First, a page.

Friday, December 31, 2010

31st December, 2011 Looking forward to 2011....

No New Year's resolutions but plenty of plans afoot for 2011. I have already started training for a sponsored walk/run that I want to complete with Jack in September 2011 for the IH charity of the year. The charity will be chosen at the IH garden party in July and is likely to be a welfare charity for horses. I plan to walk 10 miles a day for seven days across the New Forest and hope to be joined by friends and their horse on foot throughout. I have already been sponsored for the special fell running boots that I'll need and received offers of pony nuts, board and lodging for Jack as well as reiki and physio care for him. Please let me know if you would like to sponsor us.
Work-wise I will be carrying on as usual and hope to be busy. I should have the new dates for the Equine Awareness Courses very shortly and the Dartmoor Pony Training Centre Course for Wild Foal Handling is booked for 24th to 28th October 2011 inclusive and has one student enrolled already.
The Friends of the Hampshire Animal Rescue Team will also be fund raising this year and are keen to assist the Team in setting up a charity to support their work. Anyone who has an interest and expertise in setting up such a charity should contact me in the first instance - this should be a thoroughtly worthwhile and long term project for someone to get their teeth into.
The Listening Post gives me plenty to do on rainy days and in the evenings and we will be running a short article writing competition alongside a photography competition in the next edition. I need to get plenty of material in the files just in case I do go to Botswana to work for three weeks! If that particular plan doesn't come off then David is going to buy a convertible car and we'll be off to Scotland for a few weeks instead. I'll be offering to do RA work while I am there.
I am hoping to be mentally and physically a lot fitter by the end of the year! It should keep me going until next Christmas!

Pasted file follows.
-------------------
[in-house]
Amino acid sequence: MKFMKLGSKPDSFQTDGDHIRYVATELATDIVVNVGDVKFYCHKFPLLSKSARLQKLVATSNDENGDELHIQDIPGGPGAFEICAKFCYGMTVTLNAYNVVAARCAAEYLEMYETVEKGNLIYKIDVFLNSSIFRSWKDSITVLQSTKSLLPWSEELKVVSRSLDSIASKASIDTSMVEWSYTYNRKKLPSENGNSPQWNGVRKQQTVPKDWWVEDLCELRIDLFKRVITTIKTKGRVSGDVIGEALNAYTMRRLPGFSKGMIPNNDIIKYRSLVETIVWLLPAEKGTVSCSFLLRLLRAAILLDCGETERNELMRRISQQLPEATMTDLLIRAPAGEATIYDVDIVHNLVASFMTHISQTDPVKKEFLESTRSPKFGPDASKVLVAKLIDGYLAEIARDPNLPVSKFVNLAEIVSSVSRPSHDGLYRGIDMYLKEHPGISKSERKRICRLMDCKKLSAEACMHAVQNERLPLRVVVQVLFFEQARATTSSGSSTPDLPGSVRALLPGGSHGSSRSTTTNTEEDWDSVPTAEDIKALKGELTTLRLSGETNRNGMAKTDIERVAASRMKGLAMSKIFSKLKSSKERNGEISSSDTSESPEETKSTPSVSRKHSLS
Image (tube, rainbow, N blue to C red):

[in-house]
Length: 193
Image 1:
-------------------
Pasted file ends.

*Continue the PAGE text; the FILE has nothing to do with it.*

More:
31st December, 2010 A last look back.....

Just a bit of feedback on my book before the end of the year.

"Hi Sarah, I would just like to say a massive thank you for shipping your book so quickly, it has been a tremendous help. I have now moved Holly up to Somerset and she has made friends with the two Dartmoor rescues up there and is settling in great. I am continuing to use your book every time I work with her and she is like a different horse. I would like to come on one of your courses next year - I am officially converted :-)" Vicki O.

"The book helped a lot, we are both keen on the natural horsemanship approach but we really worried about how to move from the reducing her comfort zone... Steady patient 'advance and retreat' to actual contact. Also moving onto how to get the headcollar on. Your book also gave us the confidence to refuse to let anyone headcollar her -which we both felt was the wrong thing to do -and as a result we started out with a foal who was wary and cautious, but not scared. So getting her trust has been so much easier. K is just 13 and I have really let her do all the work with me in the background, and I am so thrilled that she and Briar have come so far in 6 weeks. " Angela D

And a bit of news on two more.....

"I just thought I'd give you an update on Merlot's story since you met him in August 09! Merlot was a three year old appaloosa that you helped me and him with the basics of talking to each other and moving his feet and using a Dually. I'm delighted to tell you that his lovely nature just grew and grew the more I worked with him. The first time I sat on him it was as if he's been doing it for years... I remember trying to follow Kelly Marks' Perfect Manners book to the letter! (Later he went to...) a busy livery yard and riding school with all that goes with that, and was an absolute star the whole time. The amount of noise and trouble and hustle and bustle and strange things and horses he encountered was huge and he was wide-eyed sometimes but always sensible. He is now being looked after in the New Forest by a lady who is working and enjoying him very much. I would just like to thank you for everything you showed me and Merlot, and for helping me to give him good beginnings. Everyone who meets him comments on his nature and manners, and I trust him completely in my hands and anyone else's and that means a lot." Rosie G.